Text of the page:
1. This is an interesting prediction but I wonder if the use of traditional stamps will have withered on the branch even before then. I rarely receive mail with traditional postage stamps applied to it unless it is from a philatelic source using old discounted commemoratives or is in the form of a greetings card. I surprise myself by reflecting how rarely I send an item of non-electronic mail now - I just don’t need to. A fair number of countries now just don’t issue any new stamps at all and some just occasionally. There will be a point when it just is not worth postal services producing any more (at the moment we are in a last-ditch phase born out of desperation where large postal services are trying to make as much money as they can from stamps by producing vast numbers of philatelic items in which fewer and fewer collectors can find any merit) but many of the items are no longer sold for use on mail at many post offices just because senders of mail do not need them. The point when postage stamps become completely redundant may be closer than we think.

      Delete
  3. I think I remember that when the Recorded Signed For 1st and 1st Large were issued in 2009 it was thought that they would be followed by Recorded Signed For 2nd and 2nd Large but it never happened.
    So they're going the same way as the 'Make Up' values that haven't been available from many Post Offices for a few years.
    Might they still be available from Royal Mail online ?
    Many of the Special Delivery stamps - valued at £6.85 and £7.65 now - aren't cancelled at the Post Office and are reused which won't happen with their Horizon Label replacements so maybe that's part of the reason.

    ReplyDelete
  4. I think these may be have been a good idea that came after their time.

    My previous local postmaster, a good man, said that he couln't see the point of them. If he had to conduct part of the transaction on Horizon then why not do it all?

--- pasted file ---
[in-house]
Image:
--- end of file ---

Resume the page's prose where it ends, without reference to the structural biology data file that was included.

And I share Lars' pessimism on the use of country stamps. I have commented to Ian before about their declining availability. As a spot check, see how many used country stamps you can find for auction online from before say 2015, and then try again after ...

    ReplyDelete
  5. My local Post Office sell Special Delivery stamps to customers who have to supply a Special Delivery envelope for the return. This cannot be done with Horizon labels as these are dated with the day of issue. The way will have to be various stamps to the value of £6.85 or £7.65

    ReplyDelete
    Replies
    1. In a previous job I regularly sent out certificates as Signed For. These were always the same size and weight so a standard price. There wasn't enough traffic to justify a franking machine so a stock of Signed For stamps and a book to record their usage was helpful.

      Delete
    2. And that would generally be quicker for you and the Post Office because they would not have to print the label. If they trusted your data, they wouldn't weigh the items either.

      Delete
  6. Maybe we will get new stamps with the barcode included in the design , that can only be used once ! Another couple of million to be earned from collectors that way and probably the same again in lost revenue each year.

    ReplyDelete
    Replies
    1. I think Gonj is right. In its current Annual Report the Royal Mail mentions stamps only once and that was the experimental 2nd Class ones seen here a couple of weeks ago: half Machin; half bar code.

      Delete
  7. My local Post Office confirms the withdrawal of these Stamps, but is unaware of any replacement values instead. So making up the value to the current rate will be hard if not impossible as they currently do not sell stamps below 10p in value.